We search for industry news, so you don't need to.
Ask the Experts  
Questions Index  ■  Submit a Question  ■  Experts Panel  ■  Join the Panel

December 20, 2006

Component baking issues

We have a big problem and could use your help for MSD components baking issue. If we follow IPC J-STD-033B standard, 3 level baking of 125 degree, 90 degree and 40 degree can be chosen, for Tray package MSD, it is not a problem to bake as the standard. But for reel and tube package MSD, they can't bake at 125 & 90 degree because most of the packages can't endure the high temperature and will deform. So we can only apply low temperature 40 degree baking but the lead time is so long and conflicts with our production schedule.

Based on our experiences, we prefer to use 70 degree baking, for reel and tubes which is much more convenient and effective. But our customers have challenged us on it due to it not an industry standard.

Could you give us some advice? If we want to apply 70 degree baking, how long the baking time is appropriate? Thanks and I await your feedback!



TH Liang

Experts Comments

I responded to a similar question a few months ago. My experience has been with circuit boards more than reel and tubes, but I have a suggestion that might be helpful.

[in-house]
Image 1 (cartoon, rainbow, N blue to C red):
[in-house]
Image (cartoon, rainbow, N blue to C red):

A simple and straightforward way to get an indication of moisture is to measure weight gain. In circuit boards, the weight gain due to moisture can be a few percentage points, depending on the humidity. I'm not sure what it would be in the components you have. Here's what I would suggest:

1) take a sample of your components and weigh them prior to baking. You have to pick a size so the total weight matches the range of the scale (lab balance) you are using. For example, if you have an electronic balance with a capacity of 100 g, you might want to take a sample of 50 g to 80 g. In fact, you should probably get several samples and weigh them independently.

2) Treat your samples according to the IPC standard, allow them to cool in a dry environment (dry box)?

3) Re-weigh the samples. Assume that the weight difference is moisture. With a little luck, you will have enough weight difference to document. Multiple samples help give you a good statistical number.

4) Repeat the test with your desired temperature profile. You can use this test to find out how much time is required at this temperature.

Again, I don't know if there is enough moisture content to weigh, but this is a good way to provide documentation for your desired process if it works.

image
Alan Lewis
Director of Application Engineering
Asymtek
Mr. Lewis worked for The Aerospace Corporation for 6 years before joining Asymtek in 1993. He holds multiple patents in dispensing technology for electronics assembly and packaging. He has a Master's Degree in Mechanical Engineering from University of Missouri-Rolla.
NOTE: Mr. Lewis is no longer working at Asymtek.
Submit a Comment

Your Name


Your Email


Company Name


Country


Comments




Authentication

Please type the number displayed into the box. If you receive an error, you may need to refresh the page and resubmit the information.